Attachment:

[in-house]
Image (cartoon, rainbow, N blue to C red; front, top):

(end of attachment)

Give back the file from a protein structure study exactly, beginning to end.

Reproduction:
[in-house]
Image (cartoon, rainbow, N blue to C red; front, top):